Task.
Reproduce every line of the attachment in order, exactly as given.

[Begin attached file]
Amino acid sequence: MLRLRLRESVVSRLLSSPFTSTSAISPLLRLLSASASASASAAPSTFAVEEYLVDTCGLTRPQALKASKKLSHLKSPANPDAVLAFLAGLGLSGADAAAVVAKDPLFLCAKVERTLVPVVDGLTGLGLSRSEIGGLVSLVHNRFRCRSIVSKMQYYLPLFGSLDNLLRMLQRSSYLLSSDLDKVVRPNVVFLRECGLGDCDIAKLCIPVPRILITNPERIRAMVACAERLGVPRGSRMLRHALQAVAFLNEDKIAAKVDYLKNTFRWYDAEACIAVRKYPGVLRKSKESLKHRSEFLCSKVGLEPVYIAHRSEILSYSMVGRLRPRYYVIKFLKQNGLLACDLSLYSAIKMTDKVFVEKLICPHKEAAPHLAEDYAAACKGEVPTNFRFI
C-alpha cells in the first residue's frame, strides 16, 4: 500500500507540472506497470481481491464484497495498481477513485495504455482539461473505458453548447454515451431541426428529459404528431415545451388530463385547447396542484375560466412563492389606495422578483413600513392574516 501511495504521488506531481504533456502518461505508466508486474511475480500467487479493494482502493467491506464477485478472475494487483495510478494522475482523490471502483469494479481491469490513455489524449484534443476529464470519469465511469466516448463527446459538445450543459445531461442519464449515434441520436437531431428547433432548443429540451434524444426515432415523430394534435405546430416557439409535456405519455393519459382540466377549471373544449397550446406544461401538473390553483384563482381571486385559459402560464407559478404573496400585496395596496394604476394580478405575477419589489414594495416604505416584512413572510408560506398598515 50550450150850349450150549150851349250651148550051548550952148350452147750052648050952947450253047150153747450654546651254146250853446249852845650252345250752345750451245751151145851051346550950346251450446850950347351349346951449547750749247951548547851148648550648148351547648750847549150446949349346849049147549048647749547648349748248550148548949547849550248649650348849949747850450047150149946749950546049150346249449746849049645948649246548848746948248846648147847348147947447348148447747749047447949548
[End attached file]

Amino acid sequence: MLRLRLRESVVSRLLSSPFTSTSAISPLLRLLSASASASASAAPSTFAVEEYLVDTCGLTRPQALKASKKLSHLKSPANPDAVLAFLAGLGLSGADAAAVVAKDPLFLCAKVERTLVPVVDGLTGLGLSRSEIGGLVSLVHNRFRCRSIVSKMQYYLPLFGSLDNLLRMLQRSSYLLSSDLDKVVRPNVVFLRECGLGDCDIAKLCIPVPRILITNPERIRAMVACAERLGVPRGSRMLRHALQAVAFLNEDKIAAKVDYLKNTFRWYDAEACIAVRKYPGVLRKSKESLKHRSEFLCSKVGLEPVYIAHRSEILSYSMVGRLRPRYYVIKFLKQNGLLACDLSLYSAIKMTDKVFVEKLICPHKEAAPHLAEDYAAACKGEVPTNFRFI
C-alpha cells in the first residue's frame, strides 16, 4: 500500500507540472506497470481481491464484497495498481477513485495504455482539461473505458453548447454515451431541426428529459404528431415545451388530463385547447396542484375560466412563492389606495422578483413600513392574516 501511495504521488506531481504533456502518461505508466508486474511475480500467487479493494482502493467491506464477485478472475494487483495510478494522475482523490471502483469494479481491469490513455489524449484534443476529464470519469465511469466516448463527446459538445450543459445531461442519464449515434441520436437531431428547433432548443429540451434524444426515432415523430394534435405546430416557439409535456405519455393519459382540466377549471373544449397550446406544461401538473390553483384563482381571486385559459402560464407559478404573496400585496395596496394604476394580478405575477419589489414594495416604505416584512413572510408560506398598515 50550450150850349450150549150851349250651148550051548550952148350452147750052648050952947450253047150153747450654546651254146250853446249852845650252345250752345750451245751151145851051346550950346251450446850950347351349346951449547750749247951548547851148648550648148351547648750847549150446949349346849049147549048647749547648349748248550148548949547849550248649650348849949747850450047150149946749950546049150346249449746849049645948649246548848746948248846648147847348147947447348148447747749047447949548